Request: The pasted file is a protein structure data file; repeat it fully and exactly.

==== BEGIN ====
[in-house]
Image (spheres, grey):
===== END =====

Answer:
[in-house]
Image (spheres, grey):